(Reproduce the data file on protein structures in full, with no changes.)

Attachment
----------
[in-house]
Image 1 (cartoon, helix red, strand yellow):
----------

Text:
[in-house]
Image 1 (cartoon, helix red, strand yellow):